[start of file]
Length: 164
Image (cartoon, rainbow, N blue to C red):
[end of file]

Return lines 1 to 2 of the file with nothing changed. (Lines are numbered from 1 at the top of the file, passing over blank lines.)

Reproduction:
Length: 164
Image (cartoon, rainbow, N blue to C red):